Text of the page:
There’s nothing better than some variety between coins to peak a person’s interest and excitement. The 50 State Quarters® and new Presidential $1 Coins highlight how changing a coin’s design every few months can kindle passion with at least collectors.
What’s your excitement level when a batch of coins gets minted but a percentage of them have slight variations compared to others in that coin’s series?
Hold your thoughts… In this case, we’re not talking about coins with errors due to mint manufacturing mistakes or unintended die varieties. (Although these are very intriguing for many collectors too.) Let’s dig in a bit more…
Subtle design complexities can force a design variety and resulting type to happen
Do you remember the old Sesame Street game, "One Of These Things Is Not Like The Other…?" It was very easy to find that one thing.
That’s not the case for most variety type coins unless you have a well trained eye. These coins often have the same date and always the same basic design of their brethren coins, making their slight variations even more difficult to notice.
Yet, their variety and the quantity produced is significant enough to classify them into their own group or, specifically, a variety type.
In the early history of coinage, dies were created by hand, resulting in each being unique. As such, coins had subtle differences from comparable coins and many varieties existed even when the outmost care was taken.
If there are too many small or insignificant variations in a coin series, like some early coinage, it’s difficult to group or classify them into a specific variety type. Let’s set these aside too.
In the U.S. over that last 150 years or so, better standardization and automation improved the coin manufacturing process. Die and coin variations became less common.
But they still exist. In fact, some coin variety types since then have been created on purpose to improve a coin’s design and have major design variety types. That’s what we’re after here!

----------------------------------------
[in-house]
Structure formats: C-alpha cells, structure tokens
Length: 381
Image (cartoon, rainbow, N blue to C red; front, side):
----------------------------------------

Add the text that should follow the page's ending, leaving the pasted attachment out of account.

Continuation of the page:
A variety type example with the Buffalo nickel
A popular example is the first year of the Buffalo nickel. There are two variety "Types" for this 1913 coin:
- Type 1 has the “FIVE CENT” on a raised mound. After these coins were out in the public for just a few months, wear was noticed in the area. There was a focused effort to fix this.
- Very quickly, the Type 2 Buffalo nickel was born. Here the design was changed and the “FIVE CENT” area was recessed.
The Buffalo nickel Type 1 lasted less than a year while the populous Type 2 coin design remained until the very end of Buffalo nickel series, which was 1938.
A more recent variety type example with the Eisenhower dollar
A more recent example of modifying designs within the same year happened with the Bicentennial Eisenhower Dollars.
There are also two variety types for this 1776-1976 coin. The most noticeable difference between the two can be seen by the naked eye:
- Type 1 has bold and thick lettering on the coin’s reverse.
- Type 2, on the other hand, has delicate; narrow lettering.
The Type 2 variety is also noted for having a sharper design while the Type 1 has lower relief.
Interestingly enough, the varieties occur across that year’s Philadelphia, Denver and San Francisco minted Eisenhower coins.
The rewards of variety type collecting
It’s now easier to understand why coin variety collecting is so exciting for many. It has an extra element of intrigue, history and uniqueness.
We only covered a small cross section of varieties in coins. When you throw in error coins and those unintended die varieties into the mix, things really stir.
This is a finely tuned area of coin collecting, requiring deeper knowledge and experience, certainly. But it can be hugely rewarding.
If you’re interested in diving into this area of numismatics, you may find Die Variety News of interest. It’s an excellent resource with detailing photo examples. It’s also free.